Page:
Sen. John Thune
There’s unfortunately little doubt that we’re living in an era where it’s often more difficult than it needs to be for the two parties in Washington to come together on certain issues facing the country. I strongly believe that it’s important for elected leaders to have debates and exchange ideas, and I also believe we can have honest disagreements without being disagreeable with one another. It’s a responsible way to govern – something we owe to the people who elected us to serve.
While there are plenty of policies over which there are robust disagreements these days – disagreements I know we will be able to overcome – there is at least one topic, among several, that always seems to have strong bipartisan support: ending illegal and abusive robocalls that are affecting people across the country, including in South Dakota.
No one is immune to these annoying and potentially dangerous calls. I receive them. My friends and family receive them. Even my 99-year-old dad receives them. According to the Federal Trade Commission and the Federal Communications Commission (FCC), two federal agencies over which the Senate Commerce Committee has jurisdiction, unsolicited robocalls are among the top consumer complaints they receive, and it’s no wonder.
How many times have you heard your phone ring, seen a somewhat familiar number or area code, and answered it only to find out it’s either a scam or an unsolicited call that you had no interest in receiving. Some of these scammers intentionally target elderly victims and trick them into believing a family member is in trouble and urgently needs money. Others pretend to be a representative from a utility company and tell unsuspecting customers that without a quick payment, their power or water will be shut off. It doesn’t matter what the tactic is, their motives are despicable, and it must stop.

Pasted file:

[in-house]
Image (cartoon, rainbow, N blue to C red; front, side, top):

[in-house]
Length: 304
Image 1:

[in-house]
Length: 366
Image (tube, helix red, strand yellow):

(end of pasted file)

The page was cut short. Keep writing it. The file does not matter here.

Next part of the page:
Illegal and abusive robocalls are a problem, but I don’t want to confuse them with other automated calls on which many consumers often rely. For example, if you’re on your way to the airport and your flight is canceled, if there’s a fraud alert on your credit card, or if you’re being reminded of an upcoming medical appointment, those are generally calls you want to receive. Different rules of the road apply for these types of calls, and they should.
When I was chairman of the Senate Commerce Committee, I convened a hearing on the topic of illegal and abusive robocalls and heard from a wide range of individuals – from people who are tasked with targeting scammers and holding them accountable to the scammers themselves. I actually issued a subpoena to compel the testimony of perhaps the most infamous robocaller known to U.S. officials, Adrian Abroamovich. He’s currently facing $120 million in FCC penalties for making nearly 100 million robocalls throughout the country.
At the end of 2018, I introduced bipartisan legislation that would give federal regulators more tools and greater flexibility to find illegal robocallers and penalize them for their actions. The Telephone Robocall Abuse Criminal Enforcement and Deterrence (TRACED) Act would also bring together relevant agencies at the local, state, and federal level to tackle this issue with a collaborative approach, which, I believe, will be required to win this fight.
I recently reintroduced the TRACED Act, and it enjoys the same kind of bipartisan support this year that it had last year. As chairman of the Commerce Committee’s Subcommittee on Communications, Technology, Innovation, and the Internet, I will be in a strong position to move the ball down the field on this important issue again this Congress. I think I can speak for all Americans when I say enough is enough. It’s time to act on this, and I look forward to leading this important effort.